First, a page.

The 2021 Honda CMX1100 Rebel is a new middleweight cruiser that starts with a parallel-twin motor out of the storied Africa Twin adventure bike.
Yup, a new cruiser coming to a segment that’s supposedly on the ropes. American Honda is still hanging on to the Fury and a couple of Shadows; but Honda Canada has dropped everything in the cruiser category outside of smaller sibling Rebel 300 and Rebel 500 models.
The CRF1100L Africa Twin’s 1,084 cc parallel-twin-cylinder engine, with its 270 degree phased crankshaft and uneven firing interval, already mimics the V-Twin throb of a classic cruiser. The new Rebel is lighter and stronger than the 1,300 cc Honda middleweight cruisers of the past, with this modern motor making 87 hp and 72 lb-ft of torque for a best-in-class power to weight ratio. Honda’s engineers added flywheel mass and retuned the powertrain for more bottom oomph and mid-range punch, altering valve timing and lift for an even stronger “pulse” feel. And the evocative exhaust note has been tweaked to match.
Engine power is managed via Throttle By Wire (TBW), Honda Selectable Torque Control (HSTC) and Wheelie Control. There are three pre-set modes selectable from the left-hand switchgear – Standard, Rain and Sport – along with a User mode that allows the rider to customize from those categories. Honda Canada is offering a six-speed manual transmission model and an automatic-shifting six-speed Dual Clutch Transmission (DCT) version (the first DCT application in a cruiser).
The new CMX1100 Rebel blends bare-boned ‘bobber’ style with modern tech and styling, starting with a tubular steel frame serving as an exoskeleton for the blacked-out engine, exhaust and mechanicals. Seat height is 700 mm. That is about a half-foot lower than the Africa Twin’s perch. It’s also slightly higher than most Harley cruiser seat heights, but low enough for the classic cruiser feel of “sitting inside the bike”. And the bike architecture still allows for a 35-degree lean angle, adding a sport edge to the Rebel’s laid back leisure cruising character.
Cartridge-style front forks are mated to 43 mm stanchions and twin rear shocks feature a 12.5 mm rod and pressurized piggyback reservoir. Front and rear suspensions allow for spring preload adjustment. And the Rebel 1100 sits on fat tires with ABS braking comes courtesy of a mono-block four-piston caliper grabbing a 330 mm floating disc up front and a single piston caliper with 256 mm disc in the rear.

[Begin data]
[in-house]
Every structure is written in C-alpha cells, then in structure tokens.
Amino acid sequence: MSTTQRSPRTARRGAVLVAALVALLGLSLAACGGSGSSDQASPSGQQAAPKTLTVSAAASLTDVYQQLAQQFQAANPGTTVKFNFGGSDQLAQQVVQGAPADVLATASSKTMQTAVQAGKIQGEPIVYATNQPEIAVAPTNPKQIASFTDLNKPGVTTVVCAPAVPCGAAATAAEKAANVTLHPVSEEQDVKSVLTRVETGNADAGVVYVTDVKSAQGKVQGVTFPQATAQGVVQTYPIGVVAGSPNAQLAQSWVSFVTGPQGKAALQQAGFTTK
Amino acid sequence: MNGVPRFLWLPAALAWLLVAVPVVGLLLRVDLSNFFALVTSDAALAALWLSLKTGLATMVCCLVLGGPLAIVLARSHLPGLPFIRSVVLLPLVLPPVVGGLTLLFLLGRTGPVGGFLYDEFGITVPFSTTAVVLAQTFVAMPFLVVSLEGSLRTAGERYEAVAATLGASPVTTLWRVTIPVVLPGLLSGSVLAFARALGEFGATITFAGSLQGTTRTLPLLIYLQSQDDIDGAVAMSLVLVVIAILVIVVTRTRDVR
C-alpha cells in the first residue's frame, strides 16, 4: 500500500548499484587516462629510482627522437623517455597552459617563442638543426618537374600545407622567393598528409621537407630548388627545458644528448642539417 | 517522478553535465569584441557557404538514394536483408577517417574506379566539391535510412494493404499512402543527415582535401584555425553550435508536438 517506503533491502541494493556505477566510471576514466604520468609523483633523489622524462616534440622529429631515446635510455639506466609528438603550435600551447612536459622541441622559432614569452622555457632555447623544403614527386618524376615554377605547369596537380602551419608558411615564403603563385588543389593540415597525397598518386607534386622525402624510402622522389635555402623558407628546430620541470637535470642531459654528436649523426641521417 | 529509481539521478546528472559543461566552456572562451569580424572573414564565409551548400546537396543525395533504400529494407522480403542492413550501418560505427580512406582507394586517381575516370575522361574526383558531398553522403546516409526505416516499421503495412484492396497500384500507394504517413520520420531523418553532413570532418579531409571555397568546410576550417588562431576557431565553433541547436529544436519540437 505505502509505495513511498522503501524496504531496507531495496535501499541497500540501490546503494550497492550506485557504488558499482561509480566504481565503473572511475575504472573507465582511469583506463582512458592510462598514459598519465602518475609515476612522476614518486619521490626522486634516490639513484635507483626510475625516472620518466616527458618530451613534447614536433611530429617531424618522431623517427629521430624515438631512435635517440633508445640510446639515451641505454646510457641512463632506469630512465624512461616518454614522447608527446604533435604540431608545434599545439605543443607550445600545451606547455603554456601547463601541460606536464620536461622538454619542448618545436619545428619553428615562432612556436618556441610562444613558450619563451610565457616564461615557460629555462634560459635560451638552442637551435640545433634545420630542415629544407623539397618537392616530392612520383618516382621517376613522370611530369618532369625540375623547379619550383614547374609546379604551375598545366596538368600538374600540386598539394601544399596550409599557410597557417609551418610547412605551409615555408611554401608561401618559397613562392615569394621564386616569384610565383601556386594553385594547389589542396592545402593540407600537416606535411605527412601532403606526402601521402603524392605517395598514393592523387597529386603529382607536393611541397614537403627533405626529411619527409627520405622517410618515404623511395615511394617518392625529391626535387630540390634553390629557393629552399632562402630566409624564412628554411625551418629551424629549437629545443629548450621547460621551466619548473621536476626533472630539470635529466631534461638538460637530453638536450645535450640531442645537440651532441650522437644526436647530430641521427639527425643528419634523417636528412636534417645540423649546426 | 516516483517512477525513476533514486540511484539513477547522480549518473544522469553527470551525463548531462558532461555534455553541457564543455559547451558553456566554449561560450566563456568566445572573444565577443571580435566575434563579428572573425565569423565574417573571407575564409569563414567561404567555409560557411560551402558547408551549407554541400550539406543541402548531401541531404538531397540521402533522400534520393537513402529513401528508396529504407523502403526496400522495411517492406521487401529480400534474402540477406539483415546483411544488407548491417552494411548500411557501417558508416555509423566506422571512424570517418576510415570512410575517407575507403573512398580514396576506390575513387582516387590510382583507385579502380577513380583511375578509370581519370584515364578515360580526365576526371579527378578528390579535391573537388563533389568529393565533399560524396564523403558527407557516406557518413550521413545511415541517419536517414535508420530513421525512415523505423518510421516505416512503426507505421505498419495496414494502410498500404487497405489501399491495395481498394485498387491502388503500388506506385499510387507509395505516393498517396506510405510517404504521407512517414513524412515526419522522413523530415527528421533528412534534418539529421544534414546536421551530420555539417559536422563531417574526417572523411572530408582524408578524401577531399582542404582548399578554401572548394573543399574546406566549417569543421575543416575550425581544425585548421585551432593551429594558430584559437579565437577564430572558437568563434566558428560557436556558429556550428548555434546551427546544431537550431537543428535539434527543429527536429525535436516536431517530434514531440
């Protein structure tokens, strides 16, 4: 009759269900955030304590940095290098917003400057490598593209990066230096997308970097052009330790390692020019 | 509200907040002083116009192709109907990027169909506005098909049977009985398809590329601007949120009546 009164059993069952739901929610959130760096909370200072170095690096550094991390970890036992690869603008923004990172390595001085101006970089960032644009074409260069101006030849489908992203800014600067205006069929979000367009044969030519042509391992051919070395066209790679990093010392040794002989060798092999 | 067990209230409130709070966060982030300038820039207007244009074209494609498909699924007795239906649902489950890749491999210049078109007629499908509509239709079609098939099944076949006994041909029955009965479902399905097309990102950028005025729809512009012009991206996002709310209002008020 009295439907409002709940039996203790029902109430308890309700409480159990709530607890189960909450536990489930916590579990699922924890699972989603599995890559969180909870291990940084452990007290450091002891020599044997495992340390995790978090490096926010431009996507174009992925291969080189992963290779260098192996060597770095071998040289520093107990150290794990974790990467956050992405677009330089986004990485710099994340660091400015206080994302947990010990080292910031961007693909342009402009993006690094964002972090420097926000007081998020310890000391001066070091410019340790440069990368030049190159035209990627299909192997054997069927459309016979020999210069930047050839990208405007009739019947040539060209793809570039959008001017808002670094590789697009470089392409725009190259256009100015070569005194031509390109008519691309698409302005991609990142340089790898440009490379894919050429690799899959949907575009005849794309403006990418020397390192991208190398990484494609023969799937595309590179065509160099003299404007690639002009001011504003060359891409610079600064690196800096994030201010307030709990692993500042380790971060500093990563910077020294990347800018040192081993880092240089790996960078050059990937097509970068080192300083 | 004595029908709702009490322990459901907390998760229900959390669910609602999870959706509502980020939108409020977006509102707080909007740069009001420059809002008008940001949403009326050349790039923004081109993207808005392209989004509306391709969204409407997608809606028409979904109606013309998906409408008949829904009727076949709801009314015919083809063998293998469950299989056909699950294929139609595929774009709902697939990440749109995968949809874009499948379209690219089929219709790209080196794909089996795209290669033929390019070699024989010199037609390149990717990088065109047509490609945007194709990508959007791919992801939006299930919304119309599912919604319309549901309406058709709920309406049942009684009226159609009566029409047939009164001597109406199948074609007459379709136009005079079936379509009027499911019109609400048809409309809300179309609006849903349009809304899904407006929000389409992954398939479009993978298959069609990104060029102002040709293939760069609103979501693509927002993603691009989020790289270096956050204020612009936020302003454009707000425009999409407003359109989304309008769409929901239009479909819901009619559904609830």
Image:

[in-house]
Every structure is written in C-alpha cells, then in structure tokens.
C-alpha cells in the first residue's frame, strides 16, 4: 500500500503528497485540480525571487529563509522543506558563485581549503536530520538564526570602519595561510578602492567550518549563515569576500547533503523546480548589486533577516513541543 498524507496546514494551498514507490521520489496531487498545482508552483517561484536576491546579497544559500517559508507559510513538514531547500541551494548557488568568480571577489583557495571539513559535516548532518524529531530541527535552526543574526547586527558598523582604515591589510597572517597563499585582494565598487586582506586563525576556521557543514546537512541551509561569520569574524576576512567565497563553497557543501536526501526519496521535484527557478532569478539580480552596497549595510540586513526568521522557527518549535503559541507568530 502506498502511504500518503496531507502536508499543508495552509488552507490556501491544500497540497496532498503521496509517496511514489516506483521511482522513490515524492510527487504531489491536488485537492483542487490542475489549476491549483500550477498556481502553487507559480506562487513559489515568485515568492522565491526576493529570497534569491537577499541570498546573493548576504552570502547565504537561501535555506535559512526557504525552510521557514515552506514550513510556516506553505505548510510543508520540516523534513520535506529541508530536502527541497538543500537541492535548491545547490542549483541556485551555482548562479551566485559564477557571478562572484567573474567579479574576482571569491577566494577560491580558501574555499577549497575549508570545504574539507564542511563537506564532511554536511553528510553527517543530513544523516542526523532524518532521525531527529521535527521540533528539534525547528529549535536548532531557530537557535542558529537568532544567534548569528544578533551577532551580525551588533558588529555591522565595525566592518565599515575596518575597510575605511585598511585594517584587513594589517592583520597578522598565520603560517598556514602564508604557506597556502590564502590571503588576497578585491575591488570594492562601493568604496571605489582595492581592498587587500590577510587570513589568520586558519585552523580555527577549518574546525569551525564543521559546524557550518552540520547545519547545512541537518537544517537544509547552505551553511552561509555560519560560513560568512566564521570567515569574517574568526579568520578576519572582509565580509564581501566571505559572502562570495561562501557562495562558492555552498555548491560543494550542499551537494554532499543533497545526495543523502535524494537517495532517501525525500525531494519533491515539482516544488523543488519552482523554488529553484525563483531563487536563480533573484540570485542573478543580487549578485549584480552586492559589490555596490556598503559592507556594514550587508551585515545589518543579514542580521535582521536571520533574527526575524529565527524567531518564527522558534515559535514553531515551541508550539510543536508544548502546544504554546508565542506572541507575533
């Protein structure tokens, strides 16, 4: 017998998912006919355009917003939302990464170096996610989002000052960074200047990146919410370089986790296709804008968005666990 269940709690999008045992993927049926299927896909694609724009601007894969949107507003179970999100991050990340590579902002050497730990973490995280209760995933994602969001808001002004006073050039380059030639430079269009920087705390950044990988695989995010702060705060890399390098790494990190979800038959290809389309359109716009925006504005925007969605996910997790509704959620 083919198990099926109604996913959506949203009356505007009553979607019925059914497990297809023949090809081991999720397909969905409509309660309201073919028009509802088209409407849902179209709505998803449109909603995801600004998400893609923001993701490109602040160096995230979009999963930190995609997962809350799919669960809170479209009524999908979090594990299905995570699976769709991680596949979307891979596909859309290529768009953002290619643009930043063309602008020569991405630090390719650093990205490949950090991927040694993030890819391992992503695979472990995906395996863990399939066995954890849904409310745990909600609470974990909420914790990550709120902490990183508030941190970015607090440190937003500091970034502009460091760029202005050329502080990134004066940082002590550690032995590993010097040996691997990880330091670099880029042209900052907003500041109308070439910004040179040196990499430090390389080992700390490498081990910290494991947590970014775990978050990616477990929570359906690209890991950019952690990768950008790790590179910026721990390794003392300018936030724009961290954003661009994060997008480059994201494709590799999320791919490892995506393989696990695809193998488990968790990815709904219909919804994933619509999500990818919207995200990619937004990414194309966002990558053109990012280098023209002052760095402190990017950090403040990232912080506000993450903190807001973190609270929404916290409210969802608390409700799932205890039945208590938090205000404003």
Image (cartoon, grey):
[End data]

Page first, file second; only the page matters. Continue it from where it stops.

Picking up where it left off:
The rear seat pad can be easily removed to make a solo rider statement. And the ignition key, inserted cruiser-style into the left side of the frame also unlocks the rider’s seat to reveal a three litre storage compartment with USB-C charging port.
Starting with stripped-back minimalist style, the CMX1100 mixes traditional cruiser cues with modern techs and upgrades. It’s narrow-bodied with a scalloped, two-tone 13.6-litre flangeless fuel tank, steel fenders, standard cruise control, offset negative LCD instrument display and with four LED bulbs burning bright inside a traditionally round headlight housing.
The CMX1100 Rebel should hit the sweet spot with a Goldilocks-like just-rightness of style, sport and swagger and, with its blacked-out, blank canvas potential for personalization, riders will be able to enhance their style with accessories that include windshield and headlight cowl options, heated grips, tank pads, short front fender, wheel stripes, seat and passenger seat options as well as backrests, rear carriers, luggage racks and more.
The 2021 CMX1100 Rebel will arrive at Canadian dealers March 2021, available in Bordeaux Red Metallic (6MT only) and Gunmetal Black Metallic (6MT and DCT).
MSRPs are $12,999 (6MT) and $13,999 (DCT).